|News||September 12, 1995|
Noting that the proposed satellite-delivered digital audio service (DARS) would be the first nationally-licensed radio program service, Commissioner Ness stated that the Commission should not stand in the way of delivering new products and services to the public but emphasized that the benefits of digital satellite radio should be maximized while any adverse impact on the local broadcast services should be minimized. She went on to urge broadcasters to file comments in the rulemaking proceeding (GEN Docket No. 90-357) that addresses, among other issues, the probable impact of DARS on existing broadcast services.
Commissioner Ness also expressed strong support for the effort to develop in-band digital systems which would permit migration of existing AM and FM broadcasters to digital transmission methods. "To remain competitive," Ness said, "local broadcasters must be allowed to participate in the digital revolution."
Commissioner Ness stated her preliminary support for raising the national broadcast ownership limits, stating that "permitting significantly greater station ownership would not appear to result in undue concentration or to impair the public's access to a diversity of viewpoints." In local markets, Commissioner Ness said that duopoly appears to have worked well and that in larger markets additional station ownership, coupled with clear and strict attribution rules, might be possible. She also observed, however, that "one of the underpinnings of our democracy is that ownership of our media outlets is widely held," and that "somewhere between the extremes of single station ownership and unfettered local ownership there may be a point at which the benefit to the public may turn from positive to negative."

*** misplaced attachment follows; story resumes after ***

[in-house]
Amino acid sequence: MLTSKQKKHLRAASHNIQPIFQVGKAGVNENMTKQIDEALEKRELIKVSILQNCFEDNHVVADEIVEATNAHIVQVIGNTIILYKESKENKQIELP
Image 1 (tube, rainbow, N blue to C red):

In closing, Commissioner Ness noted that the Commission has attempted to streamline its procedures and rules, and invited parties to communicate directly with her their thoughts and what is right and what is wrong with its procedures and rules, and any ideas on how the Commission could better serve the public.
Contact: David R. Siddall, Office of Commissioner Ness (202) 418-2100
September 7, 1995
It's a pleasure to be here with you in New Orleans.
It is hard to believe that this is my second summer as a member of the Commission -- and my second opportunity to address you at the Radio Show.
I just returned from a brief vacation with my family. You will be pleased to learn that, after spending 10 days on vacation and two weeks at summer camp, my eleven year old proclaimed that she really missed just one thing -- not home-cooked food, not her room, not her friends -- but her local radio station!